When Love Comes to Town and over one million other books are available for Amazon Kindle. Learn more
Qty:1
  • List Price: $15.99
  • Save: $3.84 (24%)
FREE Shipping on orders over $35.
Only 1 left in stock (more on the way).
Ships from and sold by Amazon.com.
Gift-wrap available.
When Love Comes to Town has been added to your Cart
Condition: :
Comment: This book has already been loved by someone else. It MIGHT have some wear and tear on the edges, have some markings in it, or be an ex-library book. Over-all it is still a good book at a great price! (if it is supposed to contain a CD or access code, that may be missing)
Have one to sell? Sell on Amazon
Flip to back Flip to front
Listen Playing... Paused   You're listening to a sample of the Audible audio edition.
Learn more
See this image

When Love Comes to Town Hardcover – March 1, 2013


See all 4 formats and editions Hide other formats and editions
Amazon Price New from Used from
Kindle
"Please retry"
Hardcover
"Please retry"
$12.15
$0.63 $0.01
$12.15 FREE Shipping on orders over $35. Only 1 left in stock (more on the way). Ships from and sold by Amazon.com. Gift-wrap available.

NO_CONTENT_IN_FEATURE

Best Books of the Month
Best Books of the Month
Want to know our Editors' picks for the best books of the month? Browse Best Books of the Month, featuring our favorite new books in more than a dozen categories.

Product Details

  • Hardcover: 304 pages
  • Publisher: Albert Whitman Teen; Reprint edition (March 1, 2013)
  • Language: English
  • ISBN-10: 0807589160
  • ISBN-13: 978-0807589168
  • Product Dimensions: 8.3 x 5.6 x 1.3 inches
  • Shipping Weight: 15.2 ounces (View shipping rates and policies)
  • Average Customer Review: 4.0 out of 5 stars  See all reviews (15 customer reviews)
  • Amazon Best Sellers Rank: #1,967,835 in Books (See Top 100 in Books)

Editorial Reviews

From School Library Journal

Gr 8 Up-On the cusp of his 18th birthday, Neil Byrne nears graduation, wants to study liberal arts instead of engineering as his father expects, and suffers through all the apprehension and agony of being a closeted gay teen. As readers accompany him on his journey of slowly coming out, they are immersed in his struggle amid homophobia and the culture of Dublin, Ireland, in the early 1990s. Neil's pub visits with his "rhyming couplets" of friends evolve into solo trips to local gay bars and clubs where he meets new friends and his eventual first boyfriend. As he draws closer to telling his friends, the tension builds; when Neil comes out to his parents, the intensity of the experience and their initial rejection is palpable. Lennon tells a mostly dark and serious story that is pre-Internet and -mobile phones, offering none of the extended, globalized support of today. Neil is jumped leaving a pub late one night, struggles through a friend's losing battle with AIDS, and is rejected by some of his family and friends. Lennon does well to lighten the story through tender and uplifting moments, and his use of song lyrics and music add to the book's sweet complexity. The near-tragic ending and realistic portrayal of what it would be like to face some of the darker forms of bigotry and rejection make this title a worthwhile addition to most libraries.-Adrienne L. Strock, Maricopa County Library District, AZα(c) Copyright 2011. Library Journals LLC, a wholly owned subsidiary of Media Source, Inc. No redistribution permitted.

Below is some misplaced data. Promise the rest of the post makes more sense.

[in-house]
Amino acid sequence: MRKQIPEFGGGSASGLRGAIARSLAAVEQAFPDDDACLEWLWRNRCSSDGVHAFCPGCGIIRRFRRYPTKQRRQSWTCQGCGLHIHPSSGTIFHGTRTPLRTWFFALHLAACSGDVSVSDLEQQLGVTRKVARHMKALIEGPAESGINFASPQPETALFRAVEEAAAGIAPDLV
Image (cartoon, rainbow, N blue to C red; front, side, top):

From Booklist

The year is 1992, and 17-year-old Dubliner Neil Byrne, star rugby player and Sinead O’Connor fanatic, is finishing up Catholic high school. With his eighteenth birthday on the horizon, Neil’s looking to confide his secret—he is gay—to a carefully selected few and take steps to revealing his true self. This means clandestine trips to the one gay club in town, befriending other gay men, and crushing on T-shirt-wearing Sean and schoolmate Ian. As a foreword written by James Klise reminds readers, the novel, first published in Dublin in 1993, paints a picture of coming out in the 1990s, in a time before gay-straight alliances and “it gets better” campaigns. Over the course of the novel, Neil is beaten up because of his sexuality and watches a friend succumb to AIDS. In spite of all Neil faces, and the 20-year gap between him and today’s teens, this story feels relevant. The plot is somewhat crammed towards the end, but Lennon’s honest portrayal of coming out, available for the first time in the U.S., makes for a worthy addition to library collections. Grades 9-12. --Ann Kelley

Customer Reviews

I liked the story, but there were serious problems with continuity.
Bruce Fogel
I really enjoyed reading Tom Lennon's novel about an 18 year old Irish boy who just happens to be gay.
Nikos Vatopoulos
Lennon's true ability is to make you feel what the sensitive Neil feels in both his wins and losses.
Ronald L. Donaghe

Most Helpful Customer Reviews

8 of 9 people found the following review helpful By Ronald L. Donaghe on October 8, 2002
Format: Paperback
It's not that this is a love story kind of romantic novel. It's more like a wonderfully sensitive story of Neil Byrne, just graduated, just turned 18 in search of love. The kind of love he can dig his fingers into, feel, and return in full measure. Set in Dublin Ireland one witnesses the close-knit family life of Dubliners, from their happy moments to the moments that tear them apart. Neil's search for love and acceptance puts him on the outside looking in with his school mates, his siblings, his best friend, all "rhyming couplets" while Neil is different and vacilates between fitting in and going his own way into Dublin's gay night life. Here he sees both the sad and the promise of something happy for himself. He meets Shane, a beautiful man, who might be the love Neil is searching for. Something odd: author Tom Lennon chooses to become vague during the novel's crisis moments when Neil "comes out" to his friends, family, when he is gay bashed, and near the end when... well I can't relate what happens. This is the kind of book that draws you in immediately and keeps you spellbound and rooting for the main character. Lennon's true ability is to make you feel what the sensitive Neil feels in both his wins and losses. The truly romantic will love this book. The jaded and cynical will probably not. After all, it's a coming out story, set in Ireland, from the point of view of a teenager. The story is sometimes funny, sometimes sad, but always interesting and in many ways insightful. Ronald L. Donaghe is the author of Uncle Sean.